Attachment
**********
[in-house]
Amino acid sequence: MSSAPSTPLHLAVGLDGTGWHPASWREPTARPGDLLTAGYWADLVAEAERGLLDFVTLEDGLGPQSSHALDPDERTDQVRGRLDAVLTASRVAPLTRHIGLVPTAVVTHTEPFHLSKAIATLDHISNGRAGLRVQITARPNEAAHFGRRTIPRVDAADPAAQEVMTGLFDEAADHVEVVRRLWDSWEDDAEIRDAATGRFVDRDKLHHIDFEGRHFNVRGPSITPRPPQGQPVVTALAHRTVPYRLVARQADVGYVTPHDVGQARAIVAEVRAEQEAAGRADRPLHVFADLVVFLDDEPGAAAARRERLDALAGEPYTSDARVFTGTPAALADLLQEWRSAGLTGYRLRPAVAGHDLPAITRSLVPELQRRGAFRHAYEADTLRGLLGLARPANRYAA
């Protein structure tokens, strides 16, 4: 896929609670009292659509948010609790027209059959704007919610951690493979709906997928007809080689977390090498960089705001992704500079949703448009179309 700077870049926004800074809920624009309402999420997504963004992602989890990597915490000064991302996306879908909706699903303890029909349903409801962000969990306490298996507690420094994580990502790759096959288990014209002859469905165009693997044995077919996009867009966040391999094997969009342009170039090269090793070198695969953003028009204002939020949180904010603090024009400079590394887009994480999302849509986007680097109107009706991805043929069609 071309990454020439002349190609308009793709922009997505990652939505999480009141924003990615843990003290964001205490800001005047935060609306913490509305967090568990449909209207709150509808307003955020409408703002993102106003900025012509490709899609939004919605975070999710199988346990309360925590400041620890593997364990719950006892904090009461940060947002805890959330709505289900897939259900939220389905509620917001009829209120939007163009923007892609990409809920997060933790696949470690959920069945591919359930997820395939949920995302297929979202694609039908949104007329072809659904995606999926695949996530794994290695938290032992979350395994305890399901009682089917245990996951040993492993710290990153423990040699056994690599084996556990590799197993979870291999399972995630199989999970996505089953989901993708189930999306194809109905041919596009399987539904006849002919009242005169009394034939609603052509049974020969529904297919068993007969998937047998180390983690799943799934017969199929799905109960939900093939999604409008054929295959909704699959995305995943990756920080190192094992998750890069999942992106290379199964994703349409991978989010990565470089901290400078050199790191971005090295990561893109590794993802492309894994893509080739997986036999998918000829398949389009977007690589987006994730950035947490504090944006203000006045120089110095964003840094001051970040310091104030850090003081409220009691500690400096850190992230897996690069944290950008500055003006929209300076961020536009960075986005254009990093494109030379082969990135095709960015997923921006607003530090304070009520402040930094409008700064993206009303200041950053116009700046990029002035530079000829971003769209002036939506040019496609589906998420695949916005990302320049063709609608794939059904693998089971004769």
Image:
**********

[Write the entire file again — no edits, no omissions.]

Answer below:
[in-house]
Amino acid sequence: MSSAPSTPLHLAVGLDGTGWHPASWREPTARPGDLLTAGYWADLVAEAERGLLDFVTLEDGLGPQSSHALDPDERTDQVRGRLDAVLTASRVAPLTRHIGLVPTAVVTHTEPFHLSKAIATLDHISNGRAGLRVQITARPNEAAHFGRRTIPRVDAADPAAQEVMTGLFDEAADHVEVVRRLWDSWEDDAEIRDAATGRFVDRDKLHHIDFEGRHFNVRGPSITPRPPQGQPVVTALAHRTVPYRLVARQADVGYVTPHDVGQARAIVAEVRAEQEAAGRADRPLHVFADLVVFLDDEPGAAAARRERLDALAGEPYTSDARVFTGTPAALADLLQEWRSAGLTGYRLRPAVAGHDLPAITRSLVPELQRRGAFRHAYEADTLRGLLGLARPANRYAA
């Protein structure tokens, strides 16, 4: 896929609670009292659509948010609790027209059959704007919610951690493979709906997928007809080689977390090498960089705001992704500079949703448009179309 700077870049926004800074809920624009309402999420997504963004992602989890990597915490000064991302996306879908909706699903303890029909349903409801962000969990306490298996507690420094994580990502790759096959288990014209002859469905165009693997044995077919996009867009966040391999094997969009342009170039090269090793070198695969953003028009204002939020949180904010603090024009400079590394887009994480999302849509986007680097109107009706991805043929069609 071309990454020439002349190609308009793709922009997505990652939505999480009141924003990615843990003290964001205490800001005047935060609306913490509305967090568990449909209207709150509808307003955020409408703002993102106003900025012509490709899609939004919605975070999710199988346990309360925590400041620890593997364990719950006892904090009461940060947002805890959330709505289900897939259900939220389905509620917001009829209120939007163009923007892609990409809920997060933790696949470690959920069945591919359930997820395939949920995302297929979202694609039908949104007329072809659904995606999926695949996530794994290695938290032992979350395994305890399901009682089917245990996951040993492993710290990153423990040699056994690599084996556990590799197993979870291999399972995630199989999970996505089953989901993708189930999306194809109905041919596009399987539904006849002919009242005169009394034939609603052509049974020969529904297919068993007969998937047998180390983690799943799934017969199929799905109960939900093939999604409008054929295959909704699959995305995943990756920080190192094992998750890069999942992106290379199964994703349409991978989010990565470089901290400078050199790191971005090295990561893109590794993802492309894994893509080739997986036999998918000829398949389009977007690589987006994730950035947490504090944006203000006045120089110095964003840094001051970040310091104030850090003081409220009691500690400096850190992230897996690069944290950008500055003006929209300076961020536009960075986005254009990093494109030379082969990135095709960015997923921006607003530090304070009520402040930094409008700064993206009303200041950053116009700046990029002035530079000829971003769209002036939506040019496609589906998420695949916005990302320049063709609608794939059904693998089971004769």
Image: